Last night I attended an amazing book proposal and pitch crafting workshop with the talented author Theo Nestor. Below is the expanded version of my pitch that I developed in class.
My memoir chronicles the tragicomic omen cast over my life when I was born on the set of the Coen Brothers’ film Raising Arizona. A modern western set against the backdrop of the film and television industry of L.A. and Phoenix in the 90s, this memoir is best described as The Glass Castle meets Educated meets Running with Scissors meets Mommy Dearest meets The Godfather with child sex trafficking.
I was the female Michael Corleone, determined to renounce her violent mafia family and run away on a horse at ten years old.
Peppered throughout with tragicomic relief and humor, this book details how I survived and ran away from my life as a child actor-child prostitute. Trafficked by my father to pedophiles, my dad also stole my identity to name me as his company’s 5-year-old CEO to commit fraud and tax evasion. Years later as a homeless teenager with ruined credit, I had to negotiate a payment plan with the IRS to pay my dad’s back taxes and fines.
Periodically flashing forward, the narrator reassures readers that the protagonist is now a healthy, happy adult in the present day. This book will counter pop culture’s romanticized notions about being born into a criminal mafia family, classically portrayed in works such as The Godfather. Having criminal parents is violent and dangerous, not romantic as fans of Goodfellas will insist. It is especially unsavory when you are an exploited child victim, caught in the fray of your parents’ criminality without the choice to leave. Children are only guaranteed the privileges and protections that their parents are willing to grant them because when we are born, we are unwittingly sealed into an eighteen year legally binding Power of Attorney contract with our parents. Some of us are just lucky enough to have been born to law-abiding Power of Attorney Parents (POAPs).
My book also explores the intersections of race, CPS and foster care reform, felon voting rights, socioeconomics, crime, domestic violence, affluence, poverty and trauma. The farcical parallels that my childhood had with the plot of the movie set that I was born on (my mother was the casting director for Raising Arizona) will buoy the heavy #MeToo and human trafficking segments of the book. Jovial Hollywood stories are included like the time that Gary Busey babysat me and I decided that he was the most fun grown up I had ever met! Declaring that I wanted to be just like Gary Busey when I grew up! Other humorous celebrity anecdotes include playing basketball with Charles Barkley on a commercial set when I was a very short (but aggressive!) 6 year old. And the time that the ex girlfriend of a ZZ Top bandmate gave me their shih-tzu puppy after a breakup because it looked too much like her ex boyfriend with his long grey beard.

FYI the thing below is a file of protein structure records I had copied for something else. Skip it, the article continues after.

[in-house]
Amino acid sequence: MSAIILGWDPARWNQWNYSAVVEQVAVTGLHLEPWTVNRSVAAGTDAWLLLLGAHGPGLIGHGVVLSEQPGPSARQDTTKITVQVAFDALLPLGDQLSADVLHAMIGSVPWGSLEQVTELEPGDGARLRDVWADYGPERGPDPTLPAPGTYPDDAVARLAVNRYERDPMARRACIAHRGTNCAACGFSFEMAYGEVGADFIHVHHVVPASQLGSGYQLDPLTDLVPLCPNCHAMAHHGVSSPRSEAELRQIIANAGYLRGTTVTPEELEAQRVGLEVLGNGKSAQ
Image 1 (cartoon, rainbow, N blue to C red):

The book ends on a hopeful note when the 10 year old protagonist runs away on her horse to California, determined to make it to the ocean. The ocean is the one place she feels safe. She packs apples for her horse and copies of her acting C.V. and headshots with a plan to audition and book jobs in L.A. so that she can buy an apartment where her younger siblings and mother will come live safely away from her violent, criminal father.
My memoir is prescient in a time when human trafficking, CSEC survivors and sex work in America is receiving more attention and coverage. Because the book’s antagonist also exploited and trafficked Latino migrant laborers, this book will be a powerful narrative to counter the US Border Patrol’s inhumane policies and shadows the crisis of undocumented immigrant children being detained in internment camps. Additionally, this book touches the zeitgeist of families, torn apart by political beliefs and Trump. In the #MeToo and #TimesUp era, I believe that my memoir will appeal to a wide array of readers and be commercially marketable and successful.